3.1 Summarized balance sheet for a typical $10 million firm
Inventory Reduction. A 20 percent inventory reduction results
in $600,000 less inventory. Improved purchasing practices (that result in
reduced material costs) could lower this number even more.
Receivable. Current accounts receivable represent seventy-three days
of outstanding receivables. An 18 percent reduction (to sixty days' receivables)
results in $356,200 of additional cash available for other uses.
ERP Benefits on the Income Statement
A simplified, summary income statement for the same $10 million manufacturer is shown in figure 3.2. For many manufacturers, the cost of sales ranges from 65 to 75 percent of sales (the example will use 75 percent). Using industry averages for each major benefit, the improved business processes and associated information system almost double the current pretax income.
Inventory Reduction. A 20 percent reduction in the current
inventory of $3 million results in ongoing benefits of lower inventory carrying
charges. Using a carrying cost of 25 percent results in $150,000 in lower
carrying charges each year, identified here as part of the administrative
Material Cost Reductions. A 5 percent reduction in material
costs because of improved purchasing practices results in annual savings of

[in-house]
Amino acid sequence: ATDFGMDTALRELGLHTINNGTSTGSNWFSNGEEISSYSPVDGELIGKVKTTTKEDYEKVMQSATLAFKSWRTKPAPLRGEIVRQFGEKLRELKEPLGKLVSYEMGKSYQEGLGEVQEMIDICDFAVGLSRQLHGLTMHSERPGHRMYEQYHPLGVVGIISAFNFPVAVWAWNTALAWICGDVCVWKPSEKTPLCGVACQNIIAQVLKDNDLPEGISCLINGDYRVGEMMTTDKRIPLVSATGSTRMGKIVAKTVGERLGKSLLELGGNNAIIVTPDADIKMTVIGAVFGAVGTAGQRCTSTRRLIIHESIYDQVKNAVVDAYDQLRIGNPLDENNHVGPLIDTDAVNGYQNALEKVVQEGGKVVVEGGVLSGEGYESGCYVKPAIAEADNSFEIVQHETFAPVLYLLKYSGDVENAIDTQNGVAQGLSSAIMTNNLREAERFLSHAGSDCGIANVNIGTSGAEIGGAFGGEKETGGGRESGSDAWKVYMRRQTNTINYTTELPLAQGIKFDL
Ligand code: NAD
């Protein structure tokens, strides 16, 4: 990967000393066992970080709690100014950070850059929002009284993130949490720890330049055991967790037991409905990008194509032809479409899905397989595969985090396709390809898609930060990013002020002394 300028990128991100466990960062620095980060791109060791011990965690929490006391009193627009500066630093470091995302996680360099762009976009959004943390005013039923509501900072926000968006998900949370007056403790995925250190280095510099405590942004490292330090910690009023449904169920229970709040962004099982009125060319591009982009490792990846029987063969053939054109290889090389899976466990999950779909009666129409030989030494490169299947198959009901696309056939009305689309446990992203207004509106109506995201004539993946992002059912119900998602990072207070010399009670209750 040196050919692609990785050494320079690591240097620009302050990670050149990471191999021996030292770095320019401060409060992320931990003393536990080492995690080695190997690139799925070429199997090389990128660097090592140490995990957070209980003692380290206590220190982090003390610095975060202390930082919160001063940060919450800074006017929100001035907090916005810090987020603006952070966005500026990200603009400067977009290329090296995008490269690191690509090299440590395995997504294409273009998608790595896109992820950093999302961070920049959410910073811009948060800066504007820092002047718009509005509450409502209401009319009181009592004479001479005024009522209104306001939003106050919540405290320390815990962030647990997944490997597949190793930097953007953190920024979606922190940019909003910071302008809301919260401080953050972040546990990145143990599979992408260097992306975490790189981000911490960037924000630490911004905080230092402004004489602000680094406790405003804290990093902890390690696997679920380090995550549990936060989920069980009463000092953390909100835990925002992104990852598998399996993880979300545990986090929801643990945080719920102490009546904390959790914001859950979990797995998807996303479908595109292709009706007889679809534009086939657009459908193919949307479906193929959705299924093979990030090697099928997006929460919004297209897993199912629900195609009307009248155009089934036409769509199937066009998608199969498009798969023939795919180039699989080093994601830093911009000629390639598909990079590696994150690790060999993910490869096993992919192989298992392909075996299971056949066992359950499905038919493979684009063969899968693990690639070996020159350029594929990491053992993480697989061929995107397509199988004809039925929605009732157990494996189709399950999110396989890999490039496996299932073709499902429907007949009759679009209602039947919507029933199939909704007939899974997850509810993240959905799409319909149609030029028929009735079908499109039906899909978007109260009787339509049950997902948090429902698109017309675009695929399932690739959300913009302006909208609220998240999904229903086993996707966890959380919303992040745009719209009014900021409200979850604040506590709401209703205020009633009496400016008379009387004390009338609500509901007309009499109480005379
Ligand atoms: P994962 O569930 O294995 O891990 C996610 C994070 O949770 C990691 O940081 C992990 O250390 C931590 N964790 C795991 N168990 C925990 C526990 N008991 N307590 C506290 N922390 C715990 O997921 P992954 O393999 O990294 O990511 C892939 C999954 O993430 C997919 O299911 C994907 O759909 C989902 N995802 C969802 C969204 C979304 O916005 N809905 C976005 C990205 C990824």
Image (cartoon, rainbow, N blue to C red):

Cost Reductions. A 10 percent reduction in labor costs because of
less overtime and improved productivity results in annual savings of $100,000.
Sales. Improvements in customer service typically lead to a 10 percent
sales increase; this is not shown in figure 3.1.
Annual benefits totaling $475,000 in this example almost equals the current pretax income of $500,000.
3.2 Summarized income statement for a typical $10 million firm
ERP Impact on Key Financial Ratios
Ration analysis provides another way to look at the impact of an ERP system. Three ratios illustrate the effect---two related to liquidity and one to operating performance.
Inventory turnover (Cost of Sales/Inventory). Low inventory turnover
can indicate possible overstocking and obsolescence. It may also indicate
deeper problems of too much of the wrong kind of inventory which can create
shortages of needed inventory for production and sales. High turnover indicates
better liquidity and superior materials management and merchandising. Given
the example $10 million company, the current number of inventory turns is
2.5. With a 20 percent inventory reduction, the number of inventory turns
increases to 3.1.